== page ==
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Live Review: Benicassim
Valencia, Spain, 14th-17th July
See, while back in Blighty the average festival-goer spends the entire day on their feet, trudging between stages to watch unremarkable mid-afternoon sets by lower-league indie bands and searching in vain for a toilet that doesn’t smell like the last occupant emptied every bodily orifice into it simultaneously, punters at Beni are barbecuing under the cloudless Spanish sky. Or larking about in the nearby waterpark.
Or having go-kart races. Or swimming in the Mediterranean. They have a pleasant mid-afternoon siesta, go watch some bands as the sun begins to set, party until 6am, then rinse and repeat. It may not offer the same eclectic breadth of choice as, say, Glastonbury, but you can’t help but come away with the sneaking suspicion that this is how festivals should be done.
Of course, there are some similarities. Brits are everywhere. And, as with pretty much every other festival in 2011, Plan B is here, too. Despite the heat, Ben Drew takes the stage in yet another ill-fitting suit straight off the First-Time Offender rack at Burton, but his Thursday night slot feels a bit looser and more lairy than we’re accustomed to, and with a set as familiar as this, that’s no bad thing. How loose and lairy? Drumkits get wrecked, put it that way.
Following him are The Streets, whose farewell tour is turning out to be a thing of Eagles-esque proportions. We half-expect a shirtless Mike Skinner to remind the crowd that “I’m never gonna play these songs at a large international music festival on the Mediterranean coast of Spain again!” but thankfully he focuses instead on delivering a rowdy, hit-filled set of the sort that we’ll genuinely miss once he’s gone for good (whenever that may be). It’s left to Pendulum to take the crowd into the really small hours.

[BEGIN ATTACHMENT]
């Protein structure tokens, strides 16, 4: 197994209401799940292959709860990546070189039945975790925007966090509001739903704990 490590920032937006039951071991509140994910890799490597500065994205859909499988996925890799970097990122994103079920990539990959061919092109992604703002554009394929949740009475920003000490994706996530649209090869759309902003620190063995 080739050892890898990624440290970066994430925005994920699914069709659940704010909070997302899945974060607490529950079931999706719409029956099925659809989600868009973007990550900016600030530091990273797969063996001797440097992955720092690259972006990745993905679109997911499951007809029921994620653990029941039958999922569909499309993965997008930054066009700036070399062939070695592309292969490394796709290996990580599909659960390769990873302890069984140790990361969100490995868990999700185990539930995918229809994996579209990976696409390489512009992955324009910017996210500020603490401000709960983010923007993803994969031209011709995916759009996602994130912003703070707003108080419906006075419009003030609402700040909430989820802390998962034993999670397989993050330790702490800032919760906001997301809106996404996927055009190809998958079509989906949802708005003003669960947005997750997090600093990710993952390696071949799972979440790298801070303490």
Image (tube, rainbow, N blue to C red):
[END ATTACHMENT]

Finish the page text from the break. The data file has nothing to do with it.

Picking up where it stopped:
Come Friday, however, pretty much all anyone can talk about is The Strokes. No-one really knows what’s going on with the band right now, and the hour we spend in the artists’ area before their set reveals frustratingly little (Albert chats on the phone; Nick wanders around looking for Julian). But know this: even if these guys really do hate each other, the magic of watching them play together remains undimmed. Last weekend at T In The Park, they were merely very good. Tonight, they are sensational.
“Wow, muchos fuckin’ people,” grins Julian as he looks out on the crowd shortly before they erupt to the unmistakable siren-esque jangle of ‘Last Nite’. There are also muchos fuckin’ people watching from the side of the stage – including (after a shameful blag) ourselves and Brandon Flowers, who can’t resist a lick or two of air guitar to a searing ‘Reptilia’. In marked contrast to their T set, even unfamiliar ‘Angles’ tracks like ‘Machu Picchu’ and ‘You’re So Right’ are met with unconditional enthusiasm. The Strokes still have it, no doubt. But do they still want it?